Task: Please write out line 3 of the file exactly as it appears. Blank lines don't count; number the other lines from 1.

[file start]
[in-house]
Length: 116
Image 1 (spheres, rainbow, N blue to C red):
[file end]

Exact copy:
Image 1 (spheres, rainbow, N blue to C red):